Professor Berwick’s research spans the areas of learning, evolutionary biology, and complex systems, applied to the study of human cognition and its evolution, designing algorithms that can mimic human language acquisition in children and its evolution over time, as well as how human language might have first evolved.
In the area of language and its origins, along with Professor Shigeru Miyagawa of MIT, Prof. Berwick hypothesize that the origin of human language can be accounted for by the combination of two abilities that evolved independently: one analogous to the vocal learning of songbirds, and the other the ability to name objects. The reflex of these two distinct can be observed in modern human syntax. This research also connects human language to birdsong in a new way, by probing the commonalities in the rhythmic structure of both human language and birdsong as a ‘window’ into their common neurological and genetic basis.
In the area of language acquisition, Prof. Berwick investigates the role of statistical inference such as Bayesian analysis in the way that children learn to pair words with objects, and beyond that, more complex syntax. For analysis he uses actual videotapes of children interacting with parents. One of his findings is that complex graphical modeling does not seem to be required.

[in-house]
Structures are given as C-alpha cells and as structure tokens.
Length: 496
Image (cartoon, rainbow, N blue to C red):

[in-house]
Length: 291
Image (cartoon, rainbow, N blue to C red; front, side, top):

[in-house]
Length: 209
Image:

Tying language acquisition to language change, Prof. Berwick models the way in which languages can change over time, as dynamical systems. One key finding is that there are stable accumulation points that allow change in some directions, but not all. For example, English used to look more like German, but then changed to look more like French, in a way that is not easily reversible.
New paper amplifies hypothesis that human language builds on birdsong and speech forms of other primates.